The issue with a lot of the negative content and the, I guess, malicious content that’s online now is that it’s not just nonconsensual pornography. We’re talking a lot of times about defamation. And so, in some cases, or most of those cases, the platform certainly isn’t going to sit down and decide whether or not the person who posted the content or the person who's complaining about the content is telling the truth. That’s a bad place to put the platform in. So, this idea of holding the platforms liable for that content, it doesn’t sit well with me. I would much rather use those efforts to try and educate law enforcement and educate lawyers and educate individuals in the hopes that we can change societal norms towards something that I think we’re all aspiring for.

Ashley Johnson: For our final question, we want to know what your verdict is on Section 230. Should we keep it, amend it, or repeal it?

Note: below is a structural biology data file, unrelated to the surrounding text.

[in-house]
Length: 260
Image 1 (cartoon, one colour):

Elisa D'Amico: Let me answer that question by saying this: I think that the fact that Congress has passed the SHIELD Act is a great step forward for preventing the type of harms that we’ve been talking about today. And I am hopeful that the Senate will do the right thing. I think that intermediary liability is obviously a very contentious topic, but I think intermediaries are part of the answer in fixing what’s broken with the Internet—except for you two, because you two “broke the Internet,” right? But I think that this is a good step forward, and I am really hopeful about how the future looks.

Ashley Johnson: Thanks so much for joining us, Elisa. If you want to hear more from Elisa, you can follow her on Twitter @elisadamico. That's it for this episode. If you liked it, then please be sure to rate us and tell your friends and colleagues just subscribe.

Ellysse Dick: You can find the show notes and sign up for a weekly email newsletter on our website, itif.org. Be sure to follow us on Twitter, Facebook, and LinkedIn too, @ITIFdc.

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Podcast: Section 230 and the Fight Against Online Abuse, With Elisa D’Amico